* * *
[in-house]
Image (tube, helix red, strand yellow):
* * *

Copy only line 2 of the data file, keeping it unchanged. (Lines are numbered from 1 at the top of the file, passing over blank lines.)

Image (tube, helix red, strand yellow):